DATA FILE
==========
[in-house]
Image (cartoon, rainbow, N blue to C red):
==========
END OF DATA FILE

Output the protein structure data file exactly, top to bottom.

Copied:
[in-house]
Image (cartoon, rainbow, N blue to C red):